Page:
March 13, 2011; Source: The Denver Post | Last week NPQ continued to cover the story about the $11.3 million severance package given a former executive of Blue Cross of Massachusetts and the large payments going to board members of that organization. Meanwhile, stories about nonprofit insurers in other parts of the country are heating up.
In Colorado, Kaiser Permanente and Rocky Mountain Health Plans have built up enormous reserves even while raising premiums. All nonprofit insurers are required by state regulations to keep a minimum in reserves to cover themselves but in many states there is no maximum. In Michigan the maximum is set at 1000 percent of the minimum required, and in Pennsylvania the state says no more than 750 percent of the minimum should be kept aside.
But in Colorado, Rocky Mountain HMO now boasts $110 million in reserves, which is approximately 1,743 percent of the required minimum, and Kaiser ended last year with $666 million – a more restrained 1,287 percent of the required minimum.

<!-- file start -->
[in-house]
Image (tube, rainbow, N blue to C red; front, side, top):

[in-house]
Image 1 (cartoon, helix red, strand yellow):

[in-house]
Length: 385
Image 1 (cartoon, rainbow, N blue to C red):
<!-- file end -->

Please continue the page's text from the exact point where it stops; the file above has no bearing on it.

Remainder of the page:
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This is not the first time that Colorado has seen excessive reserves. In 2008 the state required Kaiser to spend some of its reserves to benefit consumers, but now its reserves have risen to three times the size they were then.
Pennsylvania, Maryland, Rhode Island, and the District of Columbia have rejected rate increases or called for community spending when surpluses have gotten too high. Colorado State Sen. Morgan Carroll, who sponsored a bill in 2008 directing insurance regulators to consider everything from executive pay to surplus levels when approving annual premium requests says, "An excessive and continually growing surplus is a good indicator that insurance rates should actually be decreased." Amen!—Ruth McCambridge